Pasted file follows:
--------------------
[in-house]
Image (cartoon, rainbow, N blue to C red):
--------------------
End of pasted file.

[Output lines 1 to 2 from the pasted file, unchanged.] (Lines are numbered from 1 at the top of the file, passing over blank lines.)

[in-house]
Image (cartoon, rainbow, N blue to C red):